102 Pennsylvania liquor stores opening with longer hours
August 26, 2013 8:36 PM
Matthew McAliley of Pittsburgh's Bloomfield neighborhood likes the idea of expanded hours of the Wine & Spirits store in East Liberty.
By Molly Born Pittsburgh Post-Gazette
Right at quitting time on a recent Friday outside Fine Wine & Good Spirits, people rushed out of their vehicles and ran to grab some booze before the doors of the East Liberty store shut for the night.
Robert Lee has been in that spot before.
"I've showed up at the liquor store at 9:01 or something looking for a bottle," said the 43-year-old Philadelphian, who was visiting Pittsburgh on business.
For him, and many others shopping at the Penn Circle South location, one of the state's 10 highest grossing liquor stores, the announcement Monday that it is now open one extra hour six days a week was mostly welcome news -- even for those who weren't sure they'd need such a convenience up to 10 p.m.
"The longer the better, of course," said Vitaly Penkovsky, 47, of East Liberty. "It's a no-brainer."
The Liquor Control Board said to meet customer demands, 102 stores, including 24 in southwestern Pennsylvania, will open up to two hours earlier or will stay open up to two hours longer in the evenings, many Monday through Saturday.
Sundays, by law, will remain unchanged.
"We're always getting constant consumer feedback, and it's always a challenge to increase store operating hours, but to keep the cost effects minimal," said Dale Horst, the LCB's director for retail operations.
Over several weeks this summer, however, field supervisors recommended the changes and said they seemed doable with little cost. The LCB adjusts some store hours every month, but this broad effort looked at counties where stores may have closed at 9 p.m. or where stores kept shorter hours Monday and Tuesday, among other things.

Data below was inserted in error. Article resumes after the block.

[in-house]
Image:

Financial information, customer traffic flow and the expense of opening stores for extra hours were all considered in the decisions, but officials wouldn't go into specific detail about why particular stores were chosen for extra hours over others.
It was hard to tell how the changes might affect managers and employees at the more than 600 state-owned liquor stores -- they aren't permitted to speak with the media. But LCB spokeswoman Stacy Kriedeman said the extended hours won't include new hires and stores will modifying existing staff schedules.
At the root of the change is the perennial and hotly debated issue of liquor privatization.
"I'm pleased to see them respond like any other business to the appropriate market conditions," said state Sen. Jim Ferlo, D-Highland Park, a sponsor of a Senate bill that would take a modernization approach.
Steve Miskin, press secretary for House Majority Leader Mike Turzai, said though they're glad efforts are being made to improve the experience at state stores, it's not enough.
"Incremental changes are just that -- incrementally and slow. ... But the ultimate convenience would come by full privatization," he said.
Planned for early August, various factors delayed the changes until Monday -- that they arrived days before Labor Day weekend wasn't on purpose, LCB officials said, but will be fortuitous for many shoppers.
Extended hours listed at some state stores
• 1749 S Braddock Ave. Edgewood; 9 a.m. to 10 p.m. Monday through Saturday
• 5956 Penn Circle South, Suite 20, East Liberty; 9 a.m. to 10 p.m. Monday through Saturday
• 2001 Lincoln Way, Oak Park Mall, White Oak; 10 a.m. to 10 p.m. Friday and Saturday
• Penn Hills Shopping Center, 11685 Penn Hills Drive, Penn Hills; 9 a.m. to 9:30 p.m. Monday through Saturday
• 139 E. Eighth Ave. Homestead; 11 a.m. to 7 p.m.; Monday and Tuesday; 9 a.m. to 9 p.m. Wednesday through Saturday